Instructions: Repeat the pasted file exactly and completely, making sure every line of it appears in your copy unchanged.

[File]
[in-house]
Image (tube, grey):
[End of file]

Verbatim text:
[in-house]
Image (tube, grey):